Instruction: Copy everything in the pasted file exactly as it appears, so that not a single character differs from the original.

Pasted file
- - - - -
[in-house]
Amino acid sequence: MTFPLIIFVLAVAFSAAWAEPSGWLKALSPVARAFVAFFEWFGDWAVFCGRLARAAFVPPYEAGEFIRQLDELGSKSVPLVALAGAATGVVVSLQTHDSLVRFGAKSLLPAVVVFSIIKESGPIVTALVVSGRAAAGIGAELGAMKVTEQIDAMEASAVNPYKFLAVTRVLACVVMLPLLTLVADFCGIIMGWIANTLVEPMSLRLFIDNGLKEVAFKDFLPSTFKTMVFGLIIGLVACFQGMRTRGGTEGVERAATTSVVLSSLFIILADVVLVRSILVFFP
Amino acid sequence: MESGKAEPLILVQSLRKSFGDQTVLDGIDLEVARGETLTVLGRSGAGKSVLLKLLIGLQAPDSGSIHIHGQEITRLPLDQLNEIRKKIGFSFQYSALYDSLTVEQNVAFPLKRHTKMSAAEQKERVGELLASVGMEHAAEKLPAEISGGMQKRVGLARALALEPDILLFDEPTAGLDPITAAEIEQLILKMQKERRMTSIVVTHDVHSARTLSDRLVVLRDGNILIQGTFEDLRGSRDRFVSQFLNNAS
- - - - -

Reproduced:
[in-house]
Amino acid sequence: MTFPLIIFVLAVAFSAAWAEPSGWLKALSPVARAFVAFFEWFGDWAVFCGRLARAAFVPPYEAGEFIRQLDELGSKSVPLVALAGAATGVVVSLQTHDSLVRFGAKSLLPAVVVFSIIKESGPIVTALVVSGRAAAGIGAELGAMKVTEQIDAMEASAVNPYKFLAVTRVLACVVMLPLLTLVADFCGIIMGWIANTLVEPMSLRLFIDNGLKEVAFKDFLPSTFKTMVFGLIIGLVACFQGMRTRGGTEGVERAATTSVVLSSLFIILADVVLVRSILVFFP
Amino acid sequence: MESGKAEPLILVQSLRKSFGDQTVLDGIDLEVARGETLTVLGRSGAGKSVLLKLLIGLQAPDSGSIHIHGQEITRLPLDQLNEIRKKIGFSFQYSALYDSLTVEQNVAFPLKRHTKMSAAEQKERVGELLASVGMEHAAEKLPAEISGGMQKRVGLARALALEPDILLFDEPTAGLDPITAAEIEQLILKMQKERRMTSIVVTHDVHSARTLSDRLVVLRDGNILIQGTFEDLRGSRDRFVSQFLNNAS